A description of Idris Elba’s first directorial effort, “Yardie,” would make the movie sound as though it is something with real weight to it. It isn’t. It is a movie which meanders, never quite at ease with where it is or the story it is telling.
In fact, that is a fair description of the main character, D (Aml Ameen) – he meanders, never quite at ease with where he is or what he is doing. A decade after seeing his brother, Jerry Dread (Everaldo Creary) get gunned down in Kingston, Jamaica as Jerry was trying to broker a piece between two warring gangs, D is still at a loss in his life. He now works for one of the gang bosses, King Fox (Sheldon Shepherd), doing various illegal activities, and he has a massive chip on his soldier.
D is, understandably, haunted by the death of his brother, and he thinks that, perhaps, the haunting is a literal one. He broke up a party for his brother’s spirit nine days after the death and, according to tradition, D has therefore made Jerry into a ghost condemned to walk the Earth.
Elba’s direction of Martin Stellman and Brock Norman Brock’s screenplay (based on the novel by Victor Headley) never lends this concept any heft. Jerry appears from time-to-time, but usually the effect is more to remind the audience he is a presence in D’s mind as opposed to giving the feeling that he is an albatross whose weight around the neck D constantly feels. Jerry exists in those moments more for our benefit than D’s detriment.
This is a tale of revenge, of D never being able to get his brother’s killer out of his mind, and destroying every good thing he gets his hand on. But, it’s a tale of revenge the audience cannot buy into. Instead, it’s one where those watching will continually ponder how they could possibly be rooting for this guy who makes one bad decision after the next after the next, for this guy who could so easily get out of the life he’s in.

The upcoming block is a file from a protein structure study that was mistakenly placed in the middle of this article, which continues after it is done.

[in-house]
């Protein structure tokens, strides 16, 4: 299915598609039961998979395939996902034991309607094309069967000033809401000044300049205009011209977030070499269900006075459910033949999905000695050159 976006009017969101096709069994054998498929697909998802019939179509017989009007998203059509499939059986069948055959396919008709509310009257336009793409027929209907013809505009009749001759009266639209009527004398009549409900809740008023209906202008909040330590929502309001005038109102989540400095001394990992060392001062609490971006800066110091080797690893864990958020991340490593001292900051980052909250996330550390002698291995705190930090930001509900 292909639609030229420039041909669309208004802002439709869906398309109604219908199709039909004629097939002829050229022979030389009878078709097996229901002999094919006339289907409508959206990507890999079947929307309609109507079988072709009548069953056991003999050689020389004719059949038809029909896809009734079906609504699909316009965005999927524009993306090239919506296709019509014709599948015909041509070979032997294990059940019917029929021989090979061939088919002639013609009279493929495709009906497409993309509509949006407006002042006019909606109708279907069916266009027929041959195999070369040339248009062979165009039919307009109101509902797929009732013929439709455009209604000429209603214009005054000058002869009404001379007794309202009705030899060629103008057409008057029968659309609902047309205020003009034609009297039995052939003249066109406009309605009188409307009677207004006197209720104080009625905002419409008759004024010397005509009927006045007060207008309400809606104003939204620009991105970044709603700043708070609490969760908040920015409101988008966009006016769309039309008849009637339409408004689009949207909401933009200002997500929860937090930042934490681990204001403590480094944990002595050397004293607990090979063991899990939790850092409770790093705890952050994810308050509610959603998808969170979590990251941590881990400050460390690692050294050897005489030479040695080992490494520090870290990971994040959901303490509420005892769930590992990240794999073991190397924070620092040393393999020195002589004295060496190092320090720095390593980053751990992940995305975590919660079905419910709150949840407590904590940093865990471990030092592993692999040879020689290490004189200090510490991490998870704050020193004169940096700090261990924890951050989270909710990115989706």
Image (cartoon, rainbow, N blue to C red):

D is sent from Jamaica to London on a job for King Fox, so Fox can get D out of trouble and allow D to reunite with his girlfriend, Yvonne (Shantol Jackson), and daughter, Vanessa (Myla-Rae Hutchinson-Dunwell). But, D can’t even do that right. Instead, with little reason, he continues to make everyone’s life worse.
Although I write “with little reason,” the film does offer some. “Yardie” provides a voiceover from D during the film, one which serves as a way for us to understand the character and the decisions he’s making, but the voiceover isn’t enough of a presence to succeed. We really cannot grasp why D would make the choices he does, save that he’s doing his best to blow up his life. But, that’s at odds with other things we know about the character – including his being able to work his way up in King Fox’s gang. The balance here is a difficult one to achieve, and Elba and Ameen do not get there.
Whether or not the audience is meant to like D, he is certainly a character that has to be understood. He isn’t. We have bits and pieces of the character, but not the whole, and certainly not enough.
“Yardie” is a movie all about getting into the psyche of the main character, giving the audience an opportunity to understand and sympathize with this gang member and the actions he takes – not to approve them, but to see where he’s coming from and why he might travel this road. However, the one answer it provides is bloodlust. D acts out of a sense of revenge and nothing more. It isn’t enough to carry the story and for that reason “Yardie” is a disappointment.
photo credit: Rialto Pictures/Studiocanal
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